Homily for the Feast of St Sophrony of Essex, 11 July, 2020

In the Name of the Father, and of the Son, and of the Holy Spirit. Amen!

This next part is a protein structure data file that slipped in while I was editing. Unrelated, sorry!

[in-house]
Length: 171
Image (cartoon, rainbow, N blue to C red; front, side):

On 27 November, last year, Archimandrite Sophrony (Sakharov), the founder of the Monastery of St John the Baptist in Essex, was declared a saint by the Œcumenical Patriarch. His feast day is 11 July, the day of his death, his ‘heavenly birthday’, as we can now call it. For me, this is rather special, as he is the only one declared to be among the Saints, whom I met during his earthly life. I cannot, alas, say that I got to know him very well—there are many among our contemporaries, not just those who became monks and nuns of the Monastery in Essex, who met him frequently, and got to know him well. I met him just twice, once in (I suppose) 1964, when, as an undergraduate at Cambridge, I joined a trip organized by the Fellowship of St Alban and St Sergius, of which I was already a member. To say that I ‘met’ him then is true, but only marginally so: I was introduced to him along with the rest, a mixed group most of whom I have forgotten. It was in the very early days of the monastery, just the original group: in addition to Fr Sophrony himself, three monks and a nun (I think). There was only the Old Rectory, one room of which had been turned into a small chapel, which then sufficed. I hardly met him, but an image remained with me. The next time was about twenty years later, in 1984, when I went to stay there with a former Greek student of mine, by then a priest, responsible for the parish in Colchester: the idea was to stay in the monastery over the weekend, and go together to his parish. I had no expectation of meeting Fr Sophrony—having been told, anyway, that he did not see people at weekends—so imagine my surprise on the Saturday morning when a young monk knocked on my door and said that Fr Sophrony wanted to see me. I went along with him and was shown into a room with a table, behind with Fr Sophrony was sitting, flanked by Fr Kyrill, the (Australian) igumen (or abbot), and Fr Symeon, French-Swiss, his translator into French (who had, only weeks before, sent me a copy of fr Sophrony’s Voir Dieu tel qu’il est, the first book in which Fr Sophrony spoke of his own experiences, instead of introducing to the world his own spiritual father, the Athonite monk, St Silouan, glorified in 1988, a particle of whose relics our parish was given as a blessing in 2002 by Fr Kyrill). It felt like a scene from Dostoevsky’s The Brothers Karamazov. I sat down and was asked by Fr Kyrill what I wanted to ask the starets. Given that minutes before, I had no notion of seeing him, I had to think quickly, and asked if Fr Sophrony could talk to me about Fr Silouan. The reply came (Fr Sophrony spoke in Russian and was translated) that the starets has written about Fr Silouan. I had the inspiration to reply that yes, I have read all that Fr Sophrony has written about Fr Silouan, but that it would be different to hear his living words, as he talked about his starets. That seemed to be the right answer, for Fr Sophrony with some eagerness told me about Fr Silouan. I didn’t learn anything that I had not read already; but it was quite different hearing him speaking, even though his actual words, in Russian (which I didn’t know then at all), had to be translated. I didn’t ask him anything about my own spiritual life and problems (though there were plenty). The next day I was again summoned, and this time Fr Sophrony spoke of the difficulties the monastery from facing—from bishops!—and also about attacks on himself; Voir Dieu tel qu’il est (later published in English as We shall see God as He is, and even later in the original Russian) was having quite a hostile reception, especially from his fellow Orthodox. I also met Fr Sophrony at meals, and we talked then. It was an extraordinary experience, but if you ask what it meant to me, the answer is: not much, and everything. He gave me no advice (I hadn’t asked for it); the only personal thing he said was that my books (I had published two by then) were works of real theology, and I must go on writing them (it amazed me that a hermit, as Fr Sophrony was by then, should be reading my books!). So: not much… but also everything, for a sense of his care for me, even his appreciation of what I was trying to do in my books (much read, but not much regarded by my Anglican colleagues, for I was then still Anglican and would remain so for another five years), and also a sense of his continuing prayer for me—that has remained with me. Later on, when I came to Durham, by then Orthodox, my links with the community in Essex were strengthened: two of the monks have studied here with me in Durham.